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This column over the last couple of weeks has covered topics on eyecare and contact lens related topics in COVID-19 times. Sometimes the link between the two was subtle, in others it was quite directly related. This topic is 100% ‘on-topic’. I never seriously considered telemedicine to be honest, until now.

Iowa

Granted, the US is way ahead of Europe in this regard. Typically, distances are much smaller here. I was following a live webinar recently by the Scleral Lens Education Society – an excellent resource for everything you need to know about scleral lenses by the way. John Gelles from the CLEI Center for Keratoconus in Teaneck New Jersey, Marcus Noyes from the University of IOWA and Clarke Newman from Plaza Vision Center in Dallas, Texas hosted a fantastic, clinically relevant and to-the-point panel discussion on the topic. To illustrate the point above: Marcus mentioned that some of their patients ‘called in’ because they had a six-hour drive ahead of them, to come to their clinic. Six-hour drive? From Amsterdam, if you drive six hours you are not only in a different country: you are in the next country after that.

Camera Skills

So, the need and urge for telemedicine surely is related to ‘distance’. But now we all have to deal with it, as we in a way have to ‘triage’ our patients via phone to see if there is indeed a need to come in. Here modern technology comes to the rescue. But only if you do it right. Most smartphones produced after let’s say 2014 have the ability to create good images, to help and guide us through that decision-making tree. First thing that not everybody realises is: the cameras on the back of the phone are the best ones (compared to the ones on the front). So, if you take a picture of your own eye, maybe do it in front of the mirror and do not use the ‘selfie-mode’ where the screen is facing you. Flash should be turned-on (not on automatic) and there needs to be a reliable distance from the eye to get a sharp image (differs per smartphone). Enough pixels are crucial to have the option for digital zoom. Most modern smartphones provide that these days.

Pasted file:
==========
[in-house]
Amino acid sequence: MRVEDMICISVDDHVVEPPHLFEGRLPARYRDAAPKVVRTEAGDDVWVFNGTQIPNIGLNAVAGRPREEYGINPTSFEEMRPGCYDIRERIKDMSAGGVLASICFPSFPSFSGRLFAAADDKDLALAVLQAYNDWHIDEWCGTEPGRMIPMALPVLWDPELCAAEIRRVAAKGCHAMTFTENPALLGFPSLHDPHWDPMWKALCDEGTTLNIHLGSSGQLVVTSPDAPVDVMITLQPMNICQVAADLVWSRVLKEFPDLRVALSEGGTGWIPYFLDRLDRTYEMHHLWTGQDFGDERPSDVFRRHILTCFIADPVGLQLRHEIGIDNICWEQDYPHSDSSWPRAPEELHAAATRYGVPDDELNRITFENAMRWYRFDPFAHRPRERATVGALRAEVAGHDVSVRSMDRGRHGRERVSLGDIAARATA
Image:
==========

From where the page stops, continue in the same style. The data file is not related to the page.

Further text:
PrepaRED

Of course, it’s not perfect. Especially in patients with more pigmented irises, the cornea is often harder to image. We also have no binocularity, and only ‘diffuse illumination’ if we convert it to slit lamp terminology. A flashlight can sometimes help to trans-illuminate the cornea, in case of corneal ulcer for instance. And we don’t have fluorescein to image the cornea. Good thing is though, if you have a live stream with the patients, you can see/judge just in how much pain he/she is (are they in a dark room?). The panellists agreed that telemedicine is designed to do on established patients, where we have all their info on-file. Crucial too (still) is the history taking. It may revert us back to school, and we may have to polish up our ‘anamneses-skills’ – as that appears to be crucial when doing telemedicine. Will telemedicine tell you the diagnosis? It can certainly help in making the right decisions. Let’s take the example of a subconjunctival haemorrhage. It looks awful, patients are in panic. But we know it is benign. No need to come in. So yes, it can help. Be prepaRED.

Eef@online_Telemedicine

25-04-2020

This Eef@online series is kindly supported by an educational grant from Contamac

“It looks awful, patients are in panic. But we know it is benign. No need to come in.”

“From Amsterdam if you drive six hours you are not only in a different country: you are in the next country after that.”

In the series Eef@online

TELEMEDICINE